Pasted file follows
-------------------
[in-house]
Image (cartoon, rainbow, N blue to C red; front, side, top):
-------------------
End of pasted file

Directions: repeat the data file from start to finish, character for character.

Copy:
[in-house]
Image (cartoon, rainbow, N blue to C red; front, side, top):